In 2019, the Identity theft Resource Center (ITRC) saw a 17 percent increase in data breaches compared to 2018. Credential stuffing attacks exploded in 2019, as well as third-party contractors being breached. 2020 has been a different story.
While scams are up due to COVID-19, publicly-reported data breaches are down in the U.S. Despite millions of Americans shifting to working from home – where cybersecurity and data protections may not be as strong as their regular workspace, the number of data breaches has dropped by one-third (nearly 33 percent) in the first six months of 2020 compared to 2019. The data compromise decrease statistics do not stop there. More significantly, the number of individuals impacted by breaches dropped by 66 percent over the same time period one year ago.
The 2020 data breach statistics are good news for consumers and businesses overall. However, the emotional and financial impacts on individuals and organizations are still significant. In fact, the impact on individuals might be even more catastrophic as criminals use stolen personally identifiable information (PII) to misappropriate government benefits intended to ease the impact of the COVID-19 pandemic.
External threat actors continue to account for most successful data compromises (404), compared to internal threats from employees (83) and third-party contractors (53). Internal threat data compromises are the lowest they have been since 2018.
In comparison, January 1, 2019 to June 30, 2019 saw 588 breaches caused by an external threat actor, 126 breaches caused by an internal threat actor and 89 involved a third-party. The data compromise decrease can be attributed, in part, to more people working from home.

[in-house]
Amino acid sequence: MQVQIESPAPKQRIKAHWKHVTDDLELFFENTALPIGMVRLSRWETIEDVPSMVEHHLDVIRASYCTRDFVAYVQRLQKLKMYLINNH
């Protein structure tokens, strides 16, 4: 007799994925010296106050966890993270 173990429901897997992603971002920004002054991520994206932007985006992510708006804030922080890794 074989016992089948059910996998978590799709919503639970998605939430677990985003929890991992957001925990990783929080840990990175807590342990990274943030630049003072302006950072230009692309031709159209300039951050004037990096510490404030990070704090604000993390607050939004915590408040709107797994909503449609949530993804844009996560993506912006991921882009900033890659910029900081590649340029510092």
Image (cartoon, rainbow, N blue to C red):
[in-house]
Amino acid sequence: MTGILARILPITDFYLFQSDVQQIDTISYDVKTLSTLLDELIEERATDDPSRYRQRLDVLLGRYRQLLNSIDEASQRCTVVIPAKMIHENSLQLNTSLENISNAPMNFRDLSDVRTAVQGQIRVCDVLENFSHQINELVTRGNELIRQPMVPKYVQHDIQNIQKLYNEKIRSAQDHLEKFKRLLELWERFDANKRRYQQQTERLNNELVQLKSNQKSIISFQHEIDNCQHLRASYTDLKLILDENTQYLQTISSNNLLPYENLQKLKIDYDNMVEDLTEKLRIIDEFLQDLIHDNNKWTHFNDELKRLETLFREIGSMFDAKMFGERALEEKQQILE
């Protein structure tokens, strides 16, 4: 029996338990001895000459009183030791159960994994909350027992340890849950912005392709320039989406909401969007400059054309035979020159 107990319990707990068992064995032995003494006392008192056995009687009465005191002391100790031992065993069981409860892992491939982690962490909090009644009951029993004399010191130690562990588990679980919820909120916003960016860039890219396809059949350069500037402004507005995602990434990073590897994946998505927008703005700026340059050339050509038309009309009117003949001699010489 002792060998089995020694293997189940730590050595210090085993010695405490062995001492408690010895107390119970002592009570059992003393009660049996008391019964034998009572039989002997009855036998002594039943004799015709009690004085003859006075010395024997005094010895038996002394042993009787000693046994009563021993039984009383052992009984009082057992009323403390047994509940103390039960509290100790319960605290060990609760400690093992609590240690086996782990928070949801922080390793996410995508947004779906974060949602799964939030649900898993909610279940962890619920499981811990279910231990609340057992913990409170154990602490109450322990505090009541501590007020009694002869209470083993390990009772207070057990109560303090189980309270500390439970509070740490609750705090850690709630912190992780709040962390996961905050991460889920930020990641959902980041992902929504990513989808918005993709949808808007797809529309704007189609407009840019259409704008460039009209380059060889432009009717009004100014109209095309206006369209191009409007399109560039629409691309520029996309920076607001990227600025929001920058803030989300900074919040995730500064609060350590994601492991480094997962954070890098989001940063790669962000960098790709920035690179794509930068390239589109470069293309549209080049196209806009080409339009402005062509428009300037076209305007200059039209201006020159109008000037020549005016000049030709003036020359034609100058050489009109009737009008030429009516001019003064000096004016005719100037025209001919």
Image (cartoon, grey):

Due to the increase in remote work, employees have less access to the data and systems necessary to easily steal PII. However, businesses and employees are also hyper-focused on preventing identity theft.
Unless there is a significant uptick in data compromises reported, 2020 is on pace to see the lowest number of data breaches and data exposures since 2015.
With that said, there is reason to believe the lower number of breaches is only temporary. Cybercriminals have been using the billions of data points stolen in data breaches during the last five years to execute different types of scams and attacks, which include phishing, credential stuffing and other exploits that require PII. With so much data being consumed and so much focus on improved cyber-hygiene, both at work and at home, the available pool of useful data is being reduced.
At some point, cybercriminals will have to update their data, which should lead to a return of the normal threat pattern. While there are signs of increased cyberattacks that – if successful – could lead to PII being compromised, it is too early to tell when the uptick may occur. Even then, it is more likely to be a “dimmer switch” approach rather than just flipping on a light switch, meaning it will not happen all at once.
The ITRC will continue to monitor all of the publicly-reported data breaches daily and analyze them to keep businesses and consumers educated on what the cybercriminals are doing.
If someone believes they have had their information exposed as part of a data compromise, or is a victim of identity theft due to a data breach, they can live-chat with an ITRC expert advisor. They can also call toll-free at 888.400.5530. Advisors can help victims create action plans that are tailored to them.
Victims can also download the free ID Theft Help App. The app lets them track their case in a case log, access resources and tips to help them protect their identity and more.
For more information on the ITRC’s data breach tracking and trend analysis, or if your organization would like to subscribe to our monthly data breach product, please email notifiedbyITRC@idtheftcenter.org.